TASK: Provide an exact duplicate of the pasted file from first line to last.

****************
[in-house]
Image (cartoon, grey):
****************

[in-house]
Image (cartoon, grey):